2. Slumber parties in your 40s are even more fun and sillier than in your teens
1. love.

Wednesday, February 21, 2007


During Lent we're called to either pray, fast or give alms. I love our priest. He encourages us to go big with these words, cracking them wide open and challenging ourselves.

Praying, if you ask me, and this is my blog so you kinda did, is nothing more than putting an intention out to the Universe. Meditation, quiet, singing, dancing, lots of things can be prayerful, if they serve to open your heart to love.

He makes it clear that fasting does not have to mean skipping dessert, it means abstaining from something that is not good for you, and not good for others. Gossip, anger, resentment, revenge, all things I might want to consider fasting from this season.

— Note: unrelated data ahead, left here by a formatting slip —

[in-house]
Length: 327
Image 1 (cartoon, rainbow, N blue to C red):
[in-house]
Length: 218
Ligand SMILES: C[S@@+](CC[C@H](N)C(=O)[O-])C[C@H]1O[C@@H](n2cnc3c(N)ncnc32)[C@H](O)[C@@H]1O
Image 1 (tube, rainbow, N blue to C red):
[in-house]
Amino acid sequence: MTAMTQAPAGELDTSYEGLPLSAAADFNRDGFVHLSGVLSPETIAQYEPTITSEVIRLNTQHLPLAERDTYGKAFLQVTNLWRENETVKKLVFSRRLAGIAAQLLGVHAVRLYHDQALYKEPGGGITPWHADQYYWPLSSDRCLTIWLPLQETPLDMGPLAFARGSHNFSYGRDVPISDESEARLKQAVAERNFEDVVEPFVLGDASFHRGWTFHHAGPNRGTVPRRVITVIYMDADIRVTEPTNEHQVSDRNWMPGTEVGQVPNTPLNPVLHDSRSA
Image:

Giving alms can mean doing something nice for someone, big or small, but asking nothing in return, including gratitude or acknowledgement.

I'm going to work on all three areas. Not "try" to work on them, because as James Ray says, "Trying is just failing with honor - you either do something or you don't do it."

I hope I survive the shock to the system.


"Happy Lent!" Rojo chimes bright and early this morning.

"Am I going to get that stuff on my head today at Mass?"

"Am I going to go in the bathroom right when Mass is over and wash it off?"

"Will it only be on for five minutes?"

"Do I have to not say the 'A word'?"

Nobody loves ritual and routine like my son, even when it's a ritual and routine he abhors, like the sign of the cross on the forehead on Ash Wednesday. His sensory system rejects that idea on five different levels, yet he looks forward to the whole ordeal.